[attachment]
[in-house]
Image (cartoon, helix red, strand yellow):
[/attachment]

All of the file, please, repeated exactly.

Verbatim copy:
[in-house]
Image (cartoon, helix red, strand yellow):